The Soul of the Marionette by John Gray

Farrar, Straus & Giroux, May, 2015
Reviewed by Randy Rosenthal

john grayDostoevsky wrote that the “best definition of man is a being that goes on two legs and is ungrateful,” but perhaps the best explanation of man belongs to the British philosopher John Gray: “If there is anything unique about the human animal, it is that it has the ability to grow knowledge at an accelerating rate while being chronically incapable of learning from experience.” It’s an observation indicating that we may be smart, but we’re not wise. We’re productive, but often for ill purpose. We’re more destructive than we are creative. By saying that we gain knowledge without actually learning, Gray puts his finger on the fundamental paradox of human psychology.

Considered one of today’s preeminent philosophers, Gray is the author of many books that upset everything modern humankind believes about itself. Since the publication of Straw Dogs turned him into an intellectual celebrity in 2003, the main thrust of his work has been to falsify the belief that lies at the heart of western philosophy: the idea of progress. The belief that humanity is gradually marching toward a higher civilization. That things are always getting better, and whatever achievements we make are permanent. A belief in progress is found in any Western ideology, political or economic, no matter how different they appear to be. Communism, Capitalism, Liberalism, Christianity, and Islam all share the belief that if we follow a certain path, we will establish a utopian society at the end of the road. Yet Gray says that progress is a myth.

His argument initially seems counter-intuitive. There’s the daily onslaught of technological progress, and we have a robot roaming around Mars, taking photos and sending them back to earth—through space. In terms of social progress, there’s the abolition of slavery, the establishment of civil rights, universal suffrage, and other benchmarks of the civilizing process. It is unlikely that our society would turn back on these achievements. We have banks to protect our money, and markets where we can buy our pre-butchered, pre-packaged meat. There are policemen to keep order, judges to sentence those who break the law, and prisons to put them in. With such institutions, society can function relatively smoothly. We’d like to think we’ve come a long way from the Cro-Magnon caveman.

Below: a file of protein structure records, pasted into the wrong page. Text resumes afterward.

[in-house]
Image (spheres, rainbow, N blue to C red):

The silence of animalsBut there are always burps in history, times when civilization breaks down. Instances of hyperinflation, those fascinating times when money dies and respectable individuals turn to thievery and prostitution. Or during war, when a city has been at siege, and humans turn to cannibalism. Of course we’ll first eat the wallpaper and the leather of our shoes, but eventually we can’t help but see a corpse as meat. In The Silence of Animals: On Progress and Other Modern Myths, Gray writes about Naples during World War Two when such cannibalism occurred, but we can think of St. Petersburg during the same war, or the Argentine soccer team whose plane crashed in the Andes. When the veil of civilization disappears, morality goes out the window. We do what we will to survive. The savage is always lurking close beneath the civilized surface of our minds, and we easily drop our self-image as moral beings if it suits our staying alive.

 

 

These are things we don’t necessarily want to hear. But in his most recent book, The Soul of the Marionette: A Short Inquiry into Human Freedom, Gray further exposes the fundamental assumptions and myths that lie at the heart of Western thought, ethics, and politics. Counter-intuitive and challenging as usual, Gray opens with the idea that our consciousness actually restricts our freedom. We like to think that we are free because we are conscious, and that the more conscious we are, the more free we become. Not so, says Gray.

soul of the marionetteThere are many kinds of freedom, but freedom is “above all, a state of the soul in which conflict has been left behind.” Yet consciousness creates inner conflict and anxiety, because we have to choose how to live. It is our very awareness of the need to make choices that limits our freedom: “True freedom is not found in freedom of choice but freedom from choice.” From this perspective, other animals can be considered to have greater freedom than humans, because they live without having to choose their path through life—animals simply are, without needing to decide how to be. Similarly, it could be argued that a puppet has more freedom than the person pulling its strings, because it is free from the need to make choices. And from the perspective of scientific materialism, “human beings are marionettes: puppets on genetic strings, which by an accident of evolution have become self-aware.” Despite sounding boldly secular and modern, this understanding actually derives from the mystical religion of Gnosticism.